When you’re buying a classic car, who can you trust to give you the unvarnished truth? Not the seller, auction house or potential Craigslist scammer. What you need is someone who actually has the car you want, which is why we started What I Wish I Knew, an automotive series in which we interview owners to get the scoop on some of the most popular dream cars. Today’s vehicle: The Range Rover Classic.
Collector SUVs are hot and getting hotter.
“As a category, vintage SUVs has been one of the strongest segments of the enthusiast or collector market for the last five or six years,” Brian Rabold, VP of valuation services at Hagerty, told us in July.
However, not all sport utility vehicles are sentimentalized the same. If you have a soft spot for, say, ‘93-’97 U.S.-spec Land Rover Defenders or first-generation Ford Broncos, you can expect to pay absurd prices, even for the rust buckets. But if the SUV you have your eye on is an old-school Range Rover, you’re setting yourself up for success.
When the Range Rover Classic — the name for the first-gen model built between 1969 and 1996 — first came to the U.S. in 1987, Car and Driver called it “sort of like an air-conditioned dune buggy for people who drink bottled water and get expensive haircuts.” Today they’re conversely coveted for their boxy utilitarian style and relative affordability. Back in 1987, they started around $30K (about $62K in 2020 dollars), but now Hagerty puts the average price of a 1991 Land Rover Range Rover Classic at $13K.
Brock Keen has been driving his ‘91 Range Rover Classic in Trocadero Red for a few years — whenever he’s not car camping in his Porsche 996 (no, really) — documenting his exploits on Instagram at @rrcroadtrip. We asked Keen to give us a full rundown of his experience, from buying the SUV on Craigslist to the mechanical failures to the most memorable road trips to, of course, what he wishes he knew before he bought it sight unseen.
InsideHook: How long were you thinking about buying a Range Rover Classic, and how did you come to own this one?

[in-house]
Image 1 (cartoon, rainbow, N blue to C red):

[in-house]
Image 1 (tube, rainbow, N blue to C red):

Brock Keen: Up until this RRC, I had never owned an SUV. It had always been fast, low German cars. To be honest, and probably like a lot of people, I was a little worried about all the bad things I had heard about owning a Land Rover. When my wife and I decided to get our goldendoodle, I decided that was the best time to justify us getting a “dog car,” and what better dog car than an iconic Range Rover Classic! The hunt was on. I didn’t limit my search to vehicles locally; for the right one I was willing to make the drive or even fly to check it out.
After about three months of scouring the interwebs and checking out all the ones near me, I happened across a San Diego Craigslist ad: “***MUST SELL *** 1991 Range Rover Classic.” The photos were terrible, they were dark, taken in a parking lot, and there was even some trash lying around the Rover. The pictures were far from appealing, but the text is what got me: “Two previous owners, records since new, NO RUST, must sell before deployment.” I reached out immediately and started the conversation.
The owner was incredibly helpful. He sent me a ton of photos and walk around videos, and by all accounts it looked like the RRC I wanted. I was pretty much sold on the car from our conversation, my big question was, would he trust it to be driven on a 2,000-mile road trip? His answer was yes. I bought a plane ticket, packed a backpack with some basic tools and Gorilla Tape, and left two days later for San Diego to buy my first Range Rover then road-trip it home to Oregon.
What condition was it in when you got it, and what changes or upgrades have you made?
The RRC was in pretty good shape when I got it. I took a huge risk and didn’t have a PPI [pre-purchase inspection] done before I saw it in person. I did have an “oh no, what have I done” moment. My flight down to San Diego had a layover in Boise, and when I landed I got a few slightly cryptic texts from the owner. “Hey Brock give me a call when you can.” “Hey so there was a slight issue with the RRC this morning but it should be good to go when you arrive.” I tried calling before boarding my next flight but never got an answer.
The problem was that the water pump had failed on his “last drive.” His local Land Rover shop got it in immediately and we split the cost of a new water pump. I will say it wasn’t confidence-inspiring considering I was planning on driving it back to Oregon through the eastern Sierra Nevadas, but better it happened to him than to me on my drive back home through the desert! All that said, the overall condition was great for a Range Rover Classic, with 149K miles. The paint was fading on the roof and hood, the driver’s seat had a small tear on one of the seams, and like all RRCs the wood veneer in the interior had cracked and was showing its age. Oh, and of course there was a small oil leak. Nothing to really worry about, though. Land Rovers really don’t leak, they just leave their mark.
I’ve updated the suspension with a fresh 2.5-inch lift from Terrafirma, powder-coated black the aftermarket Wolf steel wheels, added a full Front Runner roof-rack system, relocated the spare tire to the roof, added an axe mount, an awning, safari bars and jerry can mounts for extra fuel and water, and I have also updated the headlights to H4s, so seeing down the trail at night is a bit easier. Cosmetically, I actually swapped out the entire interior — the tan interior was pretty worn and I was able to track down a rare dark grey interior that worked well with the Trocadero Red exterior. Lastly, to add a bit of “luxury,” I sourced some OEM sheepskin seat covers to complete my version of a perfect Range Rover Classic.